Hours after the announcement of McCain's pull-out from Michigan, the Republican candidate's local organization in Grand Rapids seemed caught off guard.
The McCain campaign was not saying much about its candidate's decision to abandon Michigan, a move first reported early Wednesday afternoon by Politico during a swing of appearances by Barack and Michelle Obama across the state.
Speaking on condition of anonymity, an official with the McCain campaign in Michigan told OffTheBus that he is "unfortunately not allowed to give...any information on that." Pressed further on the pull-out, he said "First of all, we're not pulled out of Michigan," noting that some campaign staff is expected to stay. "I think that would be inaccurate," he said.
The McCain official says that the future of TV and radio advertising in Michigan has "yet to be determined."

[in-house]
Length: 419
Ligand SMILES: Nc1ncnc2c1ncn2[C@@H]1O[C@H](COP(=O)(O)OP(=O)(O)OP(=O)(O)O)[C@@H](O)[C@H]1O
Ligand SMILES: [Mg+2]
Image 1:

That message seemed to differ sharply with the opinion offered by Michigan McCain campaign co-chair Charles Yob, who offered the following assessment to the Grand Rapids Press:
"It's not good news."
The Press additionally reported that local TV station WZZM-13 "had not yet received any cancellation from the campaign" regarding anticipated advertising.
A call to the Obama campaign state headquarters in Detroit was not immediately returned.
Michigan, with 17 electoral votes, hasn't voted Republican in a presidential election since 1988, but Republican strategists believed McCain had a shot.
At least, they did. Until, apparently, today. According to Real Clear Politics, Obama leads in statewide polling by an average of seven points. By effectively conceding the state to Obama, the McCain campaign today is acknowledging trouble.
Without Michigan, the electoral math for McCain becomes increasingly tight. According to the original report by Politico, later confirmed by the Grand Rapids Press, the campaign hopes to use staff and resources previously locked up in Michigan to reinforce its efforts in battleground states such as Florida, Ohio and Wisconsin.